- X-Men: Evolution has the end of season 2: The sentinel is released, and by sticking around to fight it, the mutants are forced to reveal themselves, causing mass witch hunting and prejudice against them, even after they prove that they weren't responsible for the Sentinel and were the good guys there. Then, as the end of the series proves, the same thing happens when They defeat Apocalypse, and its revealed that mutant hatred will continue, more, and more powerful, sentinels will be built and used, one of their closest allies will be consumed by darkness, and at least two of them will be noticibly missing in the future line up. Hey, at least Magneto will become good and the Brotherhood will join SHIELD, but since it was SHIELD who were placed in charge of Sentinel production in the present, that might not be a good thing.
- In an episode of Aladdin, thanks to Iago getting a bump on the head, he experienced an uncharacteristic amount of selflessness and charitability by giving away a lot of things, including Genie's lamp. Unfortunately, this characteristic ended up causing more harm than good not only to him, but to everyone near him as well.
- One example is that of Hugo Alfredo Tale-Yax, a homeless man in New York City who attacked a mugger that was robbing a woman and succeeded in driving him off and allowing her to flee. He was stabbed for his troubles and bled to death on the sidewalk while about two dozen people walked by.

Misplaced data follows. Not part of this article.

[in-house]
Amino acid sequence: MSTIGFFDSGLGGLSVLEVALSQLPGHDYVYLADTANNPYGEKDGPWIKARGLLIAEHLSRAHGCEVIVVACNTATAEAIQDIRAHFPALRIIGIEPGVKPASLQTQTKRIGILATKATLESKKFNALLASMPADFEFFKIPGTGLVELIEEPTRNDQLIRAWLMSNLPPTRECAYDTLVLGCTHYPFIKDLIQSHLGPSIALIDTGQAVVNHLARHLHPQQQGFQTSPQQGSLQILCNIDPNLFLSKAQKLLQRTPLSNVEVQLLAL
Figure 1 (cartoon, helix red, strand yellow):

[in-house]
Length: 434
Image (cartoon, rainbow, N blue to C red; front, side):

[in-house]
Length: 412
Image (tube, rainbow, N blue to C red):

- Additionally, crooked, lazy cops have been known to pin crimes on the people who called them just because they are having a difficult time finding the real criminal. Calling the cops and, as a consequence, being asked to testify in court as a witness can make them a target.
- And when it comes gang violence, anyone who is a potential witness will either not call the cops or refuse to testify in court, fearing that the gang member's allies will hunt them and/or their family/friends down for revenge. Street gangs knew about this and some have started to wear shirts with the phrase "Don't Snitch" (or a variation of it) on them to intimidate people into keeping quiet.
- Whistleblowers. You typically lose your job, can't easily find another with your status, and this is the best case scenario without legal repercussions or death threats.